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Chevalier’s “New Boy” retells “Othello” on the playground

Lovers of the Bard rejoice! Another Hogarth Shakespeare offering has arrived!

Hogarth, an imprint of Crown Publishing, is continuing their series of literary reimaginings of the works of William Shakespeare. The latest offering is “New Boy” (Hogarth, $25), Tracy Chevalier’s retelling of “Othello.”

(The previous four in the series are Jeanette Winterson’s “The Gap of Time” (based on “The Winter’s Tale”); Howard Jacobson’s “My Name is Shylock” (“The Merchant of Venice”); Anne Tyler’s “Vinegar Girl” (“The Taming of the Shrew”); and Margaret Atwood’s “Hag-Seed” (“The Tempest”). You should read them if you haven’t already.)

“New Boy” transfers the action of “Othello” to a suburban middle school in 1970s-era Washington DC. Despite the seeming incongruity of that shift, the story is actually a beautiful fit, hitting all the narrative high marks while informing the proceedings with an innocence that makes the tale’s tragedy all the more impactful.

Osei Kokote is stepping onto the playground of his fifth school in as many years. His father’s job – he’s a diplomat from Ghana – requires a lot of movement for Osei and the rest of the family. He’s been the new boy enough times to know that he’ll need to get someone on his side quickly. So when the vivacious, popular Dee takes a liking to him, things are looking up.

Unfortunately, Osei (or O, as he prefers to be called) is still a black boy in a predominantly white school in the 1970s. This results in a fair amount of resistance to the idea of him getting close to a nice young girl like Dee – resistance that comes from students and teachers alike.

But the person it bothers the most is Ian, the bully whose control of the schoolyard has heretofore been unchallenged. Ian hates the idea of Dee and O being together, and so sets into motion plans to tear the two of them apart. He draws some of the other children into his scheme – his reluctant girlfriend Mimi, his sycophantic toady Rod and the school golden boy Casper are all pulled into Ian’s tween Machiavellianism.

Over the course of a single school day, love rises and falls. Alliances are made and broken and mended and broken again. And the lives of these young people – just one month away from the end of another school year – are irrevocably, irreparably altered.

One might think moving a tragedy like “Othello” to a middle school would prove incongruous, but there’s a remarkable smoothness to Chevalier’s execution of the concept. The truth is that the playground can play host to power struggles and acts of cruelty not dissimilar to what you find on the Shakespearean stage; additionally, it’s not difficult to argue that many of the original’s military men have elements of the squabbling sixth-grader in their respective characters.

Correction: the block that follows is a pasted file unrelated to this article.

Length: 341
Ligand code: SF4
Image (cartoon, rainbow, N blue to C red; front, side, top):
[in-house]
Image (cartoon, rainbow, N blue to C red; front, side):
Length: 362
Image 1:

“New Boy” reads like the most sophisticated YA novel you’ve ever encountered. The youth of the characters is played naturalistically and honestly, yet still manages to elicit much the same pathos that Othello’s tragic path does. The depth of connection between the original work and this new one is astonishing; Chevalier builds parallels within parallels that are both unexpectedly creative and exquisitely apt.

Seriously – it is legitimately stunning how well the narrative transfers. It is clean and clever and emotionally charged, filled with moments that reflect perfectly the source material while never straying from the truths of the new setting.

Even the more sophisticated thematic issues are handled with aplomb. O deals with systemic racism as everyone around him projects their prejudices onto him. The hierarchal layers of deception inherent to the original are present and accounted for. Even the at-times intense sexuality of “Othello” is translated, albeit in a manner that matches more appropriately with adolescents awash in the hormonal maelstrom of puberty.

In case it isn’t clear, I LOVE the Hogarth Shakespeare series. I find it to be an inspired and compelling way to cast the great narratives of the Bard into a new light. Of course, it doesn’t hurt that they’ve enlisted a horde of incredibly talented novelists to help bring the project to fruition – a horde into which Tracy Chevalier fits nicely.

“New Boy” is another outstanding entry in what is proving to be one of the most – if not THE most - rewarding literary endeavors of the decade. Tracy Chevalier’s take on the Moor of Venice blends innocence and darkness in a way that is both unanticipated and incredibly effective. It is powerful and thoughtful and captivating, a book you’ll want to savor even as you tear through its too-few pages.

“Beware, my lord, of jealousy! It is the green-eyed monster which doth mock the meat it feeds on.”

- Iago, “Othello” Act III, scene iii

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